The one thing that I discovered about the SealSkinz, which I found pretty cool, is that they really are a very weatherproof sock. When I finished my run I took my sneakers off on the porch and walked around in the snow for about 5 minutes in just the SealSkinz and my feet stayed just as warm and dry (dry meaning no sock leakage from the outside, but my toes were already somewhat sweaty from the run). Pretty cool.

So my conclusion is that the SealSkinz socks should be reserved for either the very wet or the very very very cold. I really like them but I can see that it may take me a couple of runs in them to adjust to the bulk, since I am used to a thin sock. And I think that no matter how wet and disgusting your sneakers may get, the SealSkinz will keep your feet warm and dry.

Some (Joe) may think that I have gone a bit over the deep end with my weather-proof socks, but I think that for conquering The Beast successfully, foot care is priority 1.

Monday, February 1, 2010

Preparing To Brave The Beast

Winter training continues. I feel like I am in product test mode. First of all I have been working myself into more "minimalist" running shoes - less shoe bulk, closer to a barefoot feel with the protection of a sneaker. So I checked in with Oregon ultrarunning ace Jeff Browning for his advice. He has been doing some real excellent testing in this department (and offering some great advice on how to transition into running in more minimalist shoes). He suggested trying the INOV-8 X-Talon 212. Sounded good to me, so straight to the Zombierunner website I went and ordered-up my first pair of INOV-8s. They not only look cool but they are nice and narrow and fit my foot great and they are extremely comfortable!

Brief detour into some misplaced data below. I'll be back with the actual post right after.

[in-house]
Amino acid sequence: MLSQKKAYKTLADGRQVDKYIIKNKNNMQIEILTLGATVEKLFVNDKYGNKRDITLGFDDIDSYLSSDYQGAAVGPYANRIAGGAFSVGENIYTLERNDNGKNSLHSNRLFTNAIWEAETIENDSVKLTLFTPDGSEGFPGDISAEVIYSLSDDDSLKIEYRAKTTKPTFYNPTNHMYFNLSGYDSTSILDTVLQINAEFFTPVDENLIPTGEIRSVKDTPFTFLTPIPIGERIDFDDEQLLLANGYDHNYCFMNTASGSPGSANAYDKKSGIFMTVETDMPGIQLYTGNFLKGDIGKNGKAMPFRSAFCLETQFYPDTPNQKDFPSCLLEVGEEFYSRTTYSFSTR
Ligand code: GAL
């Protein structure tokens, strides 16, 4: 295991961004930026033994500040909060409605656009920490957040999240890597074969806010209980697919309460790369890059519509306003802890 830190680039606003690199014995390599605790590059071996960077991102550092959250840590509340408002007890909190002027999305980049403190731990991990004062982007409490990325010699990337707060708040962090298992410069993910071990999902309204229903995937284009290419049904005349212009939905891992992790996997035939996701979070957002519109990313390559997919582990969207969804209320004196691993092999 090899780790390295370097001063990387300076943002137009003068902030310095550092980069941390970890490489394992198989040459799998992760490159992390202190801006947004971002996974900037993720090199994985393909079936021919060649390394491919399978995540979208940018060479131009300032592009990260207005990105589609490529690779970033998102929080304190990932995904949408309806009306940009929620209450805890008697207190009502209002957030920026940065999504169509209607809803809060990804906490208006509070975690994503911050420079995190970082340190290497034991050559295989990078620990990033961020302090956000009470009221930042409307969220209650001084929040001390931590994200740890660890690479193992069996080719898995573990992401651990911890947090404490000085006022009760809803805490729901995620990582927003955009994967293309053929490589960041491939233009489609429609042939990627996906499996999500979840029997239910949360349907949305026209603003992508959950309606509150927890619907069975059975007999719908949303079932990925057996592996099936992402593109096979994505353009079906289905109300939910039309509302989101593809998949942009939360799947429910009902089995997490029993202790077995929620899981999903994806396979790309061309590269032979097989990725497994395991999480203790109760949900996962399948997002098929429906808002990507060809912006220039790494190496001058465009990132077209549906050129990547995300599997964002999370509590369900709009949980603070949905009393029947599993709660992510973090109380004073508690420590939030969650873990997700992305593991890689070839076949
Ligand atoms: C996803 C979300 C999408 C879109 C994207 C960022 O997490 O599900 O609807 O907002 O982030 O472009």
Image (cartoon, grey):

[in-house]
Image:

This past Saturday Karen F. and I did a "test-run" on a path along the Chenango River at the Chenanago Valley State Park. It was below zero degrees when I left my house and only slightly warmer at the park (still sub-10 degrees), very little sun, and a bit of wind. This would prove to be an excellent test for the upcoming Beast of Burden race that I am preparing for. We ran a 2.8-mile out and back along the river, utilizing the warm restrooms and our cars as refuelling stations. The highlight of the day was that we were watched for two out-and-backs by a pair of bald eagles that Karen tells me nest nearby. How amazing it was to see these awesome birds up close - I had never seen one in real life before. I was absolutely stunned by their size and beauty!

So here are some reviews/findings that I discovered in our 5 1/2 hour, 23.2-mile run. This test run on this brutally cold day proved to be probably the most important thing in preparation for The Beast . . . had we not done this, I think I could have made some potentially bad choices that could ruin my race.